4 Ways the US Funding Surge is Changing the Defence Sector

The biggest questions raised by last month’s decision by the US Congress to release defence spending for its allies.

4 Ways the US Funding Surge is Changing the Defence Sector

Now that the US Congress has finally agreed to release funds for the defence of Ukraine, Israel, and Taiwan, arms manufacturers are once again busy restocking depleted ammunition reserves or shipping orders out the desperate soldiers on the front lines.

However, the arrival of such a significant defence procurement budget to three countries in real need of bolstering their armed forces is having a significant impact on arms markets.

Here are the four ways that the US funding surge is changing the defence sector.

1. Raw Material Dependency

While much of the support funds for America’s allies will be spent inside its own industrial arms complex, some of the key raw materials needed to manufacture modern weaponry is sourced from less-friendly nations. For example, China has a near monopoly on the extraction and processing of rare earth elements essential for building the most advanced hardware. More than 400 kilos of rare earths are needed to run an F-35 fighter while a Virginia-class submarine needs ten times more.

US supplies of titanium, needed for the more durable metal components, such as tank armour and landing gear, is largely sourced from Russia.

To learn more about this topic read: Defence Industry Looks to Secure ‘Friendlier’ Raw Material Supplies or Europe’s Rare Earth Element Self-Sufficiency Challenge

While efforts are being made to correct this situation, such as opening rare earth mines and processing plants inside the US, the change will take a generation before self-sufficiency is achieved.

2. Changing Defence Requirements

The fighting in Ukraine has shown the world that trench warfare is still relevant in the 21st century. It has also proven the importance of drones in surveillance, artillery spotting, and tank busting roles.

The war has also highlighted the power and effectiveness of some stalwarts of the defence markets, driving up demand for Javelin missile systems, the HIMARS light multiple rocket launcher, and Stinger anti-aircraft missiles.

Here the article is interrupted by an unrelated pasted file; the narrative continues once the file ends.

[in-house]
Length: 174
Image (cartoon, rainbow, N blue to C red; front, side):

This is alongside the solid demand for other munitions where global stocks have fallen exceptionally low, such as artillery shells and mortar rounds.

As Mark Montgomery, a senior fellow at the Foundation for Defense of Democracies noted, “We’re going to be selling 155 mm (shells) like drunken sailor for a few years.”

3. Strengthen Allied Cooperation

In geo-politics, nothing makes a stronger friendship than a common enemy. And with Russia and China both adopting adversarial policies, the option to team up with like-minded countries for mutual defence has already seen NATO expansion.

Other more localised projects have now been given a boost with the Congress’s release of funds. These include:

· German assistance in production of Patriot air defence components.

· Turkish finance for a manufacturing facility for 155mm artillery shells in Texas.

· Australian co-production of guided rockets.

· The development of glide-phase interceptors with Japan.

4. Long-term and Near-term Strategy

The 2020s have started in a tumultuous manner. Knowing America’s political division, Taiwan is desperate for self-defence capabilities, Israel has its hands full in Gaza while bracing itself for attack from Arab neighbours, Houthi rebels are continuing their attacks in the Red Sea, and the war in Ukraine shows no sign of stopping until both sides are bled white.

This has left military chiefs with a quandary. Should they fix these immediate problems with arms spending to bolster these relevant defence shortages, or should they look to the problems that may arise ten years from now?

As Seth Jones, a senior vice president at the Center for Strategic and International Studies stated recently, “There are going to have to be some trade-offs between preparing for a near-term fight and near-term deterrence and probably making some trade-offs on some next-generation weapons systems.”

Today’s problems seem extremely pressing, but there are so many area of next-generation weaponry which could be game-changing in how war is conducted. Autonomous drones and military hardware, satellite communication and cyber security, laser weaponry, and augmented human robotics which enable soldiers to carry more, self-cooling/heating combat gear etc.

“Where can we look within the budget, and say, wouldn’t we be better to spend more money on these things that we really do need?” asks Adam Smith, a member of the House Armed Services Committee. “So, before I get into a discussion about ‘Gosh, it’d be great if we had another $50 billion,’ where are we spending the money that we have? I think that’s the first question.”

For while the defence industry figures out what is needed, and what will be needed in the future, and how to secure parts and raw materials, and organise logistics. It remains important to consider where the money is coming from and which way the wind is blowing in Washington.

The answer to that question will be known after the US Presidential elections in November.

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